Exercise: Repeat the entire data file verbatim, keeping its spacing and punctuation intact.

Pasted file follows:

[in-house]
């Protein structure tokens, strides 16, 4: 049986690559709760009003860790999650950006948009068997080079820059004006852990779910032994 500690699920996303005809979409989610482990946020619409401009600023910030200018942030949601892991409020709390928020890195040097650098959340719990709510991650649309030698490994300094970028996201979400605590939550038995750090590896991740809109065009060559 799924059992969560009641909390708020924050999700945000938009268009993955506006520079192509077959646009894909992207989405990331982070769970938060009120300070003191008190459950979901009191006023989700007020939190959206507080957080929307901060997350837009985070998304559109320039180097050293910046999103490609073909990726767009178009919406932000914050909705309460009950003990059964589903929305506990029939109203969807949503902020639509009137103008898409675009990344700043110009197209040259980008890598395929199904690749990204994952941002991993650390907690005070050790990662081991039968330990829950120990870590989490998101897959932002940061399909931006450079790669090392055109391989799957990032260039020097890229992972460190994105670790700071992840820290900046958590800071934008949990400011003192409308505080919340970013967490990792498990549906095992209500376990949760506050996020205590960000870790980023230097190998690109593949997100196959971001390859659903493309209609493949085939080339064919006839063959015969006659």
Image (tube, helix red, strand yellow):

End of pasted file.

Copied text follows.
[in-house]
């Protein structure tokens, strides 16, 4: 049986690559709760009003860790999650950006948009068997080079820059004006852990779910032994 500690699920996303005809979409989610482990946020619409401009600023910030200018942030949601892991409020709390928020890195040097650098959340719990709510991650649309030698490994300094970028996201979400605590939550038995750090590896991740809109065009060559 799924059992969560009641909390708020924050999700945000938009268009993955506006520079192509077959646009894909992207989405990331982070769970938060009120300070003191008190459950979901009191006023989700007020939190959206507080957080929307901060997350837009985070998304559109320039180097050293910046999103490609073909990726767009178009919406932000914050909705309460009950003990059964589903929305506990029939109203969807949503902020639509009137103008898409675009990344700043110009197209040259980008890598395929199904690749990204994952941002991993650390907690005070050790990662081991039968330990829950120990870590989490998101897959932002940061399909931006450079790669090392055109391989799957990032260039020097890229992972460190994105670790700071992840820290900046958590800071934008949990400011003192409308505080919340970013967490990792498990549906095992209500376990949760506050996020205590960000870790980023230097190998690109593949997100196959971001390859659903493309209609493949085939080339064919006839063959015969006659």
Image (tube, helix red, strand yellow):